Old woman Berthe leaves her house to live in her daugter Emilie's one. Emilie and her brother Antoine have fallen out three years ago and have not seen each other since, but Emilie invites ... See full summary »
In the middle of the night, someone brings Ivan's body home to his wife and his sad-faced, jug-eared son. Through flashbacks, the film discloses the relationships among Ivan and his brother... See full summary »
In a village in the Southwest of France, 1962. Maite and Francois are 18 years old. They are friends, not lovers. In Francois's classroom, there are Serge, whose brother has just married to... See full summary »
A crime writer living in Venice while working on his new novel meets and soon marries his real-estate agent. Relocated to a remote house on Sant'Erasmo Island, his obsession with his wife's daily whereabouts takes a dark turn.
June 1984 to June 1985, from happy days to war to summer's return. A middle-aged doctor in Paris, Adrien, meets Manu, a young gay man from the provinces who lives with his sister, an opera singer. Adrien likes Manu, loves him even, in a Platonic relationship. Sarah, a writer, and Mehdi, a vice-squad cop, have an infant. Sarah discovers she has no taste for parenthood. Adrien bring Manu to Sarah's country cabin where Mehdi saves Manu from drowning. Back in Paris, an affair begins as a plague descends on Parisian gays. There are tests, illness, anger, relief, separations, and death. A year later, these friends meet again at the summer place. They are witnesses to how happiness has changed. Written by
L'air de Barberine des Noces de Figaro (Cavatine: L'ho perduta, me meschina)
Music by Wolfgang Amadeus Mozart (uncredited)
Conducted by Dominique Trottein
Performed by Anne-Sophie Domergue with Les musiciens de l'orchestre du Duodijon
Recording engineer: Franck Guinfoleau
Recorded at Auditorium de Dijon (March 2006)
avec l'aimable autorisation de Monsieur le Maire, François Rebsamen See more »
A somewhat schematic script - you can almost see the boxes being ticked as each issue is dealt with - does not ultimately detract from a fine achievement. The story surrounds the succumbing to HIV-AIDS by a life-loving young man at the time when the world was taken by surprise by the ferocity of the hitherto-unknown virus. The various reactions - bewilderment, fear, panic, hatred, self-loathing, guilt, determination, courage, loss, grief and, of course, love - are all charted in the five central characters.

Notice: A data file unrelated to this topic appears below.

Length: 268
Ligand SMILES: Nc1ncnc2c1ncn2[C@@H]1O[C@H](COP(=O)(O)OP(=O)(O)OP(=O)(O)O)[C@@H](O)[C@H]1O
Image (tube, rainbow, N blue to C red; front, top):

There can be little argument, I'd have thought, concerning the excellence of Michel Blanc's performance; nor of the puzzling awfulness of Lorenzo Balducci's - whyever was this Italian actor cast as an American who had been brought up in Australia?
Julie Depardieu's character is the least developed of the central quintet but nevertheless the actress manages, as ever, to make a fully-rounded contribution.
Emanuelle Beart's striking features and dynamic screen presence make it difficult to assess her as an actress. In the end she didn't convince me she was any kind of writer, but she was entirely convincing as a mother with ambivalence to her baby. The scene where her character talks to her own mother (the late Maia Simon, in a brief but noteworthy final performance) about the difficulties surrounding her own birth is one of the most tender in the film.
Johan Libéreau is touching as the doomed Manu, fleshing out what seems to me to be a somewhat idealised character - unreflective but sensitive, foolhardy yet vulnerable.
But the film ultimately belongs to Sami Bouajila as the policeman who finds himself in the most unexpected of relationships. It's by far the most complex role and also, perhaps for that very reason, the most believable. Bouajila embraces the contradictions, possibly realising, as Heath Ledger proved so memorably in Brokeback Mountain, that struggles with sexuality can produce compelling drama.
Les Temoins is well edited, photographed and, on the whole, well directed. The influence of Truffaut's Jules Et Jim is all-pervading, but it's none the worse for that. The film's biggest advantage is that it tackles its subject in an entirely unsentimental way: the same script made in Hollywood would undoubtedly turn into something unspeakably gooey - the memory of Philadelphia, with which it could all too easily be compared, makes me shudder. Les Temoins is way, way above that.
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